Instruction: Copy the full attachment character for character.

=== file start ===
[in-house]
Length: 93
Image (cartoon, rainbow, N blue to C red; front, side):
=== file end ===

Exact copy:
[in-house]
Length: 93
Image (cartoon, rainbow, N blue to C red; front, side):